Critical Devices Offers Security, Management for Mobile Equipment

Network monitoring products determine if network assets are functioning and can provide hints about their performance, but they can’t tell you if your assets are in the right hands. One start-up company now offers a solution with the ability to do all of the above.

Critical Devices Inc. (www.criticaldevices.com) is offering a combination network monitoring and asset tracking service. In addition to Critical Devices’ services for the traditional performance monitoring of desktops, servers, and back end equipment, the company can track and monitor mobile, network-attached devices such as laptops, PDAs, and, soon, WAP-enabled phones.

"There are different variations of the functionality that Critical Devices offers, but there are no competitors that we’re aware of offering these services," says Kevin Gallagher, an analyst at Newport Group (www.newportgroup.com).

"We’re interested in creating technology that’s universally applicable," says Andrew Levi, founder and CTO of Critical Devices. He believes the challenge of Critical Devices, and its niche, is creating client software light enough to run on any platform, including PDAs and phones.

By nature, mobile devices are particularly vulnerable to theft. IT managers accustomed to dealing with technical issues, rather than the broader issue of crime, will welcome Critical Device’s ability to track hardware attached to the Internet.

Safeware, The Insurance Agency, Inc. (www.safeware.com) is offering incentives to corporate customers who sign on with Critical Devices. Safeware views Critical Devices' services as a valuable tool for tracking machines. Levi points out, however, that the company does more than tracking. Critical Devices is also in the monitoring business. "Regardless of asset tracking, we offer a lot of value," Levi says.

Subscribers can deploy the client software in a number of ways: e-mail attachment, standard installation, or a download from a Website. Once a subscriber machine is logged on to the Internet, the agent sends monitoring and tracking information to Critical Devices’ central control center in Dallas. If a laptop or a PDA is reported stolen, an manager can use the service to track its location.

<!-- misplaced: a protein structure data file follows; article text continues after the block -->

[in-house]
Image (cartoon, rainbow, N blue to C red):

The operations center was designed to anticipate the projected demand for a year. It employs government-grade security, and is capable of supporting 2 million devices without any performance issues. "It’s really well scaled right now," Levi say.

Critical Devices is paying particular attention to devices that are still on the fringe of enterprise computing. Levi believes PDAs will gain a greater role within the enterprise, and his company will be ready to manage them when it happens. "Historically, the Palm has been an item the employee has purchased. More frequently, PDAs are containing a corporation’s information assets," he says. Whether or not the company bought the device, it is still in the company’s interest to monitor and track them.

Critical Devices is pursuing subscribers through corporate reseller channels, offering their service when organizations obtain new equipment.